Atomically detailed structures have always played a key role in understanding the way in which biomolecules carry out their function. But a single atomic structure can never tell the full story, because biomolecules are flexible, and this flexibility mediates function. Single-particle cryo-EM gives us the ability to separate conformations out of a single dataset in silico, combined with enhanced flexibility in the sample preparation process. By carefully tuning grid preparation conditions, and taking advantage of image processing to separate conformational states from single datasets, we aim to weave a mechanistic storyline from our data, with the ultimate goal of reaching atomically-detailed answers to mechanistic questions.
Redox processes in biology
Redox reactions - those in which electrons are transferred - are of central importance to bioenergetics, as well as playing important regulatory and other functions in the cell. Buildling on strengths in electrochemistry and spectroscopy of redox proteins, we are working toward full control of redox potential during the grid-making process. This begins with anaerobic preparation of specimens to prevent oxidation in air, which has allowed us to use the substrates of our protein of interest to alter redox state. Building on this success, we are working toward full and flexible control of the solution potential during grid freezing.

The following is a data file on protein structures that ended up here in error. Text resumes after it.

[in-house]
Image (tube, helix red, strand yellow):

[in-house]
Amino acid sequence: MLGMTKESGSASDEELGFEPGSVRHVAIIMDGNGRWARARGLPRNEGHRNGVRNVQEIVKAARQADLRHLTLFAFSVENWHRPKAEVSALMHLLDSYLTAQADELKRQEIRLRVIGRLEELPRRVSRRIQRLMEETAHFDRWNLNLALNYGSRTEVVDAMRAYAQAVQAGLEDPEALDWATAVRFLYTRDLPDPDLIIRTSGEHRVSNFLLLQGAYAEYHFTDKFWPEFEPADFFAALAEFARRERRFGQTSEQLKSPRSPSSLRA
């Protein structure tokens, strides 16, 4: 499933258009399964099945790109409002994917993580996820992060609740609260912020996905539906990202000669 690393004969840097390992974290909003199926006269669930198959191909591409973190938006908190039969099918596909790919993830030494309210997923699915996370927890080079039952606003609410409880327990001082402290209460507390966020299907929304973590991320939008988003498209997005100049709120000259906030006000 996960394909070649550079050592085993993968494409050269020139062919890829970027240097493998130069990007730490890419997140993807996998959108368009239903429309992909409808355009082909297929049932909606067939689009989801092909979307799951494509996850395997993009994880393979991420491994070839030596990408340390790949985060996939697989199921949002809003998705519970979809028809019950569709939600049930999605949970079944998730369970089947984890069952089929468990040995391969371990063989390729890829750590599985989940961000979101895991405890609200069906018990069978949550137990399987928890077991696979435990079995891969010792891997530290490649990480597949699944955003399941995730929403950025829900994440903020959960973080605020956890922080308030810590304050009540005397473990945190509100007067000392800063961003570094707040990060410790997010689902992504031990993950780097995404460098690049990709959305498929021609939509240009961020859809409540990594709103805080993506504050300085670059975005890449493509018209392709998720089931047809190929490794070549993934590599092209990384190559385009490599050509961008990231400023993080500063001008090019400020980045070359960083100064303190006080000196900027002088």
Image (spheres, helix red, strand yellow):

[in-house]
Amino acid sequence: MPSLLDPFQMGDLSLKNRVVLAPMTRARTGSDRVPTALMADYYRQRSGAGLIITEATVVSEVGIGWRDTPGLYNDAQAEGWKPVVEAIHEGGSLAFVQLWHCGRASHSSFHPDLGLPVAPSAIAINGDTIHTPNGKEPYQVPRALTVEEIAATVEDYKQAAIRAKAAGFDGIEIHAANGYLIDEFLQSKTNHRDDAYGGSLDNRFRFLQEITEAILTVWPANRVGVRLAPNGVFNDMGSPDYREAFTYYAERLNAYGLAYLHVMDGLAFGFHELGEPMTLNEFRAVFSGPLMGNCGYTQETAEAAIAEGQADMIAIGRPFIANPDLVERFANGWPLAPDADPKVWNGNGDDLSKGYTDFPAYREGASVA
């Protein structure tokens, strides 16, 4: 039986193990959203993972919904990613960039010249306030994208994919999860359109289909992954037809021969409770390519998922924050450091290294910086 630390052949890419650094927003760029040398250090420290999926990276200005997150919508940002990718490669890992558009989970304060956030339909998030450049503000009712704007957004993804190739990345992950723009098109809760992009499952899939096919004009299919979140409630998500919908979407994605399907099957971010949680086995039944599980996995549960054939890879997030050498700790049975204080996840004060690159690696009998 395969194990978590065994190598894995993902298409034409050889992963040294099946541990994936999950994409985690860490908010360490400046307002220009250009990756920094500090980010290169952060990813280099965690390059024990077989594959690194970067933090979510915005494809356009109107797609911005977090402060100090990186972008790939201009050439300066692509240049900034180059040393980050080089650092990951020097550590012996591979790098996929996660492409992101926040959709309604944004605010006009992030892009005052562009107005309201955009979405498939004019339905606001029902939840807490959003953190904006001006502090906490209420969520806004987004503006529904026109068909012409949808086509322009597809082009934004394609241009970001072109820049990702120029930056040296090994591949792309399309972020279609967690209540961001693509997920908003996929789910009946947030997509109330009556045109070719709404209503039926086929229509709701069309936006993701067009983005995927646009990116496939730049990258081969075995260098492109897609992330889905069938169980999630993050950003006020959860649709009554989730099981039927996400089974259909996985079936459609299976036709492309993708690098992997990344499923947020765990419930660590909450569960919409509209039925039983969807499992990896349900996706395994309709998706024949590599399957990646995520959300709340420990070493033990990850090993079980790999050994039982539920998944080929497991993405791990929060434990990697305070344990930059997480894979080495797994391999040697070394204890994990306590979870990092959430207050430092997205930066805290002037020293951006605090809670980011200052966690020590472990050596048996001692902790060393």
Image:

Biomolecules are made up of primarily polypeptide or polynucleotide chains, providing the architecture of these molecules. But the chemistry that can be mediated by the elements of organic matter (H,C,N,O,S,P) is limited. To expand this functionality, many biomolecules bind metals and other ions to take advantage of the sophisticated chemistry that they can carry out. We are interested in better understanding how metals and other bound species mediate and fine-tune protein function.